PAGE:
It's a challenge women managers and entrepreneurs face frequently. A technology investment becomes imperative to solve a serious business challenge:

    • Launch a new product to generate additional revenue
    • Satisfy a customer need to protect revenue
    • Improve internal operations to reduce cost or improve efficiencies

But the board isn't always thrilled about approving investments in technology, for many reasons:

    • Skepticism that the investment is necessary, and not just an effort to keep up with the joneses
    • Concerns about costs spiraling out of control
    • General lack of education about the technology you require

How can you get the board on your side? There are two components to this challenge. In part two of this blog, we'll tackle best practices for the board meeting itself. But first, let's review the specific steps you should take before the board meeting even occurs, both while preparing a presentation and speaking with board members privately.

1. Clearly define your objective. How important is this technology to your business plans? What is the impact to customers? Create a cost-benefit analysis and understand the return-on-investment before you go to the next step. Also consider plan B, in case the board doesn't approve your request.

2. Introduce the idea to individual board members. Call or meet with individual board members, especially those who are not tech-savvy or who can be generally difficult. They can ask questions in private and alert you to concerns ahead of time. (Later, during the formal presentation, you can build goodwill by saying, "I know some of you were concerned about this issue, and here's what we've done to address that.") Get individual members' feedback on the importance of the project and what might make the solution stronger. Ask how they would sell the idea to the rest of the board. Do this with as many board members as you can. Don't surprise them with a significant proposal in a board meeting, or you will end up being surprised with a "no" vote.

3. When creating your formal presentation, think about individual board members. It's important to understand your audience. For example, you might talk differently to a long-standing group of board members than you would to a board with several new members. Your talk should be tailored to their level of technical understanding. As CEO, your job is to present the business benefits of the project, not teach board members how to become technical jargon heads.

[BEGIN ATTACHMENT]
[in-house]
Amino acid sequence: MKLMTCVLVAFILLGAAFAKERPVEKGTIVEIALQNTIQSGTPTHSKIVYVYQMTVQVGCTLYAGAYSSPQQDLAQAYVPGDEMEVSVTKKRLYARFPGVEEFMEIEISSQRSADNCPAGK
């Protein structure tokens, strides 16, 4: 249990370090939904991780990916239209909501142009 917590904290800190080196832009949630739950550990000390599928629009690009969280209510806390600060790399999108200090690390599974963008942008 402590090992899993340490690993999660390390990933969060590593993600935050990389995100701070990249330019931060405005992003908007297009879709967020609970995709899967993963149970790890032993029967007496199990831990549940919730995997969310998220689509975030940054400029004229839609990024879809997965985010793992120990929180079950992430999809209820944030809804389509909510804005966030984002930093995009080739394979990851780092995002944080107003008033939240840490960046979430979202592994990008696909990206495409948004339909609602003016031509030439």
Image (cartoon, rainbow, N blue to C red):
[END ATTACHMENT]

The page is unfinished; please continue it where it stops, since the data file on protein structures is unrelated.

4. Create slides, but never forget the presentation is you. Describe your goal up front. Focus your funding request through the lens of how it will benefit the end-user, customer or business. Never overload slides with information, which will cause the audience to spend more time reading than listening. And never read the slides to the board members. It is a safe bet that you have chosen board members who can read. They are interested in what you have to say about the topic. Remember, you are the presentation. Speak to the key points. Give examples, and tell stories about actual customers. Prepare, practice, and practice again. If possible, practice in front of another person. (Dogs are good, but can prove to be an overly exuberant audience.) Practice in front of a non-technical person and ask for feedback. Did they understand the points you were trying to make? Could they restate your goal for the meeting? Would they support you? Once you've followed these critical steps, it's time to organize your notes, square your shoulders and march into that board meeting. Get some great pointers for presenting a winning presentation to your board in our next blog.

Co-founder of Austin-based Growth Acceleration Partners (GAP), Joyce Durst is driven to help software companies achieve rapid growth through business-focused applications. Joyce has launched startups and led teams at enterprise companies by applying her passion and business knowledge to efficiently create software that solves business problems. Active in the community with Special Olympics and Springboard alumni, she enjoys helping other women in technology to achieve their dreams.

Published on: Jun 3, 2015